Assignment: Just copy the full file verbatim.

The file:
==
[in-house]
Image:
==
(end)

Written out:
[in-house]
Image: